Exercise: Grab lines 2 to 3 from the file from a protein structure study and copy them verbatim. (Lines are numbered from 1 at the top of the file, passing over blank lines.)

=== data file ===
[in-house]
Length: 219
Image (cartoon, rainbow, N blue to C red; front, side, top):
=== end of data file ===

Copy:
Length: 219
Image (cartoon, rainbow, N blue to C red; front, side, top):